So what would I do if someone was coming after one of my kids with a knife? I don’t know. I don’t think anyone can know until they’re faced with this. And none of us can stand in judgment on those who have faced such a situation and acted in a way different than our ideals. But I pray that if possible I would be able to resolve things with no harm done to my child, the aggressor, or myself; and if that is not possible, that I would die protecting my child—one whose angel stands in the presence of God—from harm (Matt 18:1-10).

This response, though, while shaped by my pacifist ideals, is not the sum total of my pacifism. In a way it hardly scratches the surface of my pacifism; in a sense it’s not even the best reflection of it.

It’s only the thin edge of a much larger, much wider, much more comprehensive striving for a greater peace throughout God’s Christ-loved, Spirit-haunted world.

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3 Responses to Passive Pacifists?

  1. Ken Kroeker says:

    Thanks Michael for your most recent thoughtful reflections on the topic of pacifism. You’re perspective is very similar to that reflected in John Howard Yoder’s book “What would you do?”, where he also argues that the question is in fact filled with wrong assumptions about how we address matters such as pacifism and requires a much broader perpspective. The scenario, as you point out and also Yoder, is so out of keeping with most experience and would if it did occur, include all kinds of variables which one could never hope to address by these simplistic scenarios. We should focus rather on building communities where peace ethics abound, so groups and individuals are equipped and informed by this when faced by violence in wahtever form it takes. I am further reminded by past readings of Stanley Hawerwas who reflects that tthis character building is the work of the faith community and because of its peace position, Anabaptists by virtue of their history and story are well positioned to inform this position, not because they have always gotten it right but because of the narrative they bring to this issue. I also recall the anglican minister from southern Alberta who lost his son in a school shooting who spoke at Corn&Apple. He claims that his ability to forgive the offender was possible because of church,school,& family environment which nurtured peace filled living. This is our task regardless of where and what we do.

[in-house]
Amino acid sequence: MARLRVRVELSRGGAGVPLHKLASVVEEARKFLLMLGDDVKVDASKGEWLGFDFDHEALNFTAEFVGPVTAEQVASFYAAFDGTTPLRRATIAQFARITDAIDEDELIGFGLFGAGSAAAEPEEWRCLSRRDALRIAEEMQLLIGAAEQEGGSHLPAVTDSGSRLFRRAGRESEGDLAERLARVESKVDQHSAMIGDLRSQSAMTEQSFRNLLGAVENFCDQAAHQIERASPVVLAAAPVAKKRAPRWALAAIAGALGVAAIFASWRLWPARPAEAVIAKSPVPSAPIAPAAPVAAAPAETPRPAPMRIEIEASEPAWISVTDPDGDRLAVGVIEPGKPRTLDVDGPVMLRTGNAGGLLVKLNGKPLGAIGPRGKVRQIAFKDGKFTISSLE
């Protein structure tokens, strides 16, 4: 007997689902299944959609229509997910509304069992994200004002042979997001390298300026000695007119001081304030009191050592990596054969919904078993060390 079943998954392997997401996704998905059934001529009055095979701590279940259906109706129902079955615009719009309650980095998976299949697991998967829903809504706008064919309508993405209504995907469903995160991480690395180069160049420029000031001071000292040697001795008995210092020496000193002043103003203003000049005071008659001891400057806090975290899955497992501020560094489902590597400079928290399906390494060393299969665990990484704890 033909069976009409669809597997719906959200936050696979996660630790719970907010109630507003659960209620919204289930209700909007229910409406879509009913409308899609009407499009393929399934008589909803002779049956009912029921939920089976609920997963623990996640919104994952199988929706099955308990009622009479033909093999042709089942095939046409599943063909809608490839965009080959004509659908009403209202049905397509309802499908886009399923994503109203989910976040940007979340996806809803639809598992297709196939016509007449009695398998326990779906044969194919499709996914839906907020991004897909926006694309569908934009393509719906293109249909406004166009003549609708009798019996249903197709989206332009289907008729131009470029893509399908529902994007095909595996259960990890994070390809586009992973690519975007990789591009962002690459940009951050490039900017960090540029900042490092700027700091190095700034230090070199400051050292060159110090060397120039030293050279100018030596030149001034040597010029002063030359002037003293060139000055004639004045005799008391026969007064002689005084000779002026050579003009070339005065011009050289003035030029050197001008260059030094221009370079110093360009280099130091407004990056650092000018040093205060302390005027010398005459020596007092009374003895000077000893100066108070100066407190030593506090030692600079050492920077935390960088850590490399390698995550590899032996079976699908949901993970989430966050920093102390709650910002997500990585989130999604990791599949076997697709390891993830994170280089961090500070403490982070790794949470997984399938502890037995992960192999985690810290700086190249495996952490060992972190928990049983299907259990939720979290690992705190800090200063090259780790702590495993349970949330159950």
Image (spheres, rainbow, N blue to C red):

• Michael Pahl says:

      Great additional thoughts, Ken, thanks. I had some comments on my Facebook about this post, one of which expressed interest in the idea of “active pacifism.” I was struck by some similarities between my reply to my friend’s comment, and your comment here. Here was my reply: “‘Active pacifism’ – or at least the idea if not the words – has been around for a while as Mennonite and other Anabaptist peace theology has been expanding beyond some of its narrower traditions. Unfortunately this hasn’t made it down to the pews in all Mennonite churches, but it’s ripe for the picking. It’s really the practical legacy of MCC and similar initiatives, combined with the theological legacy of John Howard Yoder, expanded through interaction with a broader stream of Christian thinking and work in peace and social justice.”

  2. Frank says:

    Well said. Thanks.